Yu Darvish overcomes ghosts of past in Padres’ win over Dodgers

The day before climbing the same hill where he experienced the worst night of his career, Yu Darvish visited the interview room at Dodger Stadium.

While a reporter was popping a question, the San Diego Padres right-hander said to no one in Japanese, “It’s a sayonara.”

Darvish’s eyes were on a TV mounted on the wall to his right, showing Yordan Álvarez circling bases and the Houston Astros celebrating their walk-off win over the Seattle Mariners.

The ghosts of Darvish’s past were everywhere.

Darvish has never downplayed his story here. He has acknowledged how much the Dodgers’ loss in Game 7 of the 2017 World Series to the mark-stealing Astros affected him, how the recovery from that disappointment has empowered him to be the kind of competitor worth the pitching -Lead a team of a team with championship ambitions.

Looking ahead to his start the next day, Darvish said, “I think I’ll be able to show a different image of myself.”

His intuition was correct.

Wednesday night, Darvish defeated his former team in Game 2 of their National League Division Series, leading the Padres to a 5-3 win that leveled the best-of-five series 1-1.

He didn’t have his best games. He gave up solo home runs in each of the first three innings. He only went through five innings that were taken out in the sixth with runners on the corners and no outs.

None of that mattered to him.

When asked about a missed strike-three call before Max Muncy’s home run in the second inning, Darvish replied in English, “I thought that was a strike but we won today so who cares?”

About an hour before the game, Darvish went into midfield and fell to his knees. He thought about the last time he hosted a postseason game here and how his family was coping with his failure at the World Series.

“I have caused my family much suffering,” Darvish said in Japanese. “I wanted to be able to send my family home today with feelings of joy.”

Dodgers starting pitcher Clayton Kershaw jumps after giving a run-scoring double to San Diego's Manny Machado.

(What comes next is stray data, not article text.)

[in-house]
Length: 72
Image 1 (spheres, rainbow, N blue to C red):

Dodgers starting pitcher Clayton Kershaw jumps after giving a run-scoring double to San Diego’s Manny Machado in the third inning Wednesday.

(Gina Ferazzi / Los Angeles Times)

Darvish said he got emotional when he visited Major League Baseball’s official website, which listed him and Clayton Kershaw as the game’s starting pitchers.

“After the 2017 playoffs, Kershaw was the person who protected me and my family the most,” Darvish said. “I always thought it would be nice to face him in an important game like this. It finally happened.”

Darvish has credited Kershaw with helping him regroup after the crushing World Series experience. Kershaw had yet to win a ring and Darvish was painfully aware of how desperately he aspired to a championship. Not only did Kershaw not begrudge him his Game 7 performance, the three-time Cy Young Award winner invited him to train near their off-season homes in suburban Dallas.

If Wednesday night’s game gave Darvish a chance to reflect on his development over the past five years, it also marked Kershaw’s return to October baseball.

Kershaw missed the playoffs last year with an arm problem.

Charged with three carries and six hits, Kershaw was removed in a 3-3 tie after five arduous innings. His early exit after an equally long start by Julio Urías the day before put additional strain on the bullpen. Brusdar Graterol gave up a run in the sixth inning, Blake Treinen gave up another in the eighth and that was the game.

“I definitely had some traffic all day,” Kershaw said. “I’m sure it could have been a lot worse. I had to jump out of jams practically every inning.”

Darvish admired Kershaw’s resilience in the three months he played for the Dodgers after they took him on at the 2017 close.

“He’s doing really well on his start days,” said Darvish. “He doesn’t talk to anyone. As I watched him corner himself, I could feel his effort as he hit the ground.”

The sense of responsibility as a team’s No. 1 pitcher is something Darvish has gradually come to accept in his years since leaving the Dodgers.

He spent three years with the Chicago Cubs, who traded him to the Padres prior to last season.

In each of his two seasons with the Padres, Darvish was the team’s opening-day starter. He was also their Game 1 starter in their wildcard series against the New York Mets last weekend. He also won this game.

Now he sounded like he was preparing to do something else Kershaw is known for in the postseason: start with three days off.

When asked if he could serve relieved in a hypothetical fifth and final game of the series, Darvish replied, “I plan on serving at the end – as a starter, of course.”

https://www.latimes.com/sports/dodgers/story/2022-10-12/yu-darvish-dodgers-padres-nlds-game-2-dodger-stadium Yu Darvish overcomes ghosts of past in Padres’ win over Dodgers

Emma Bowman

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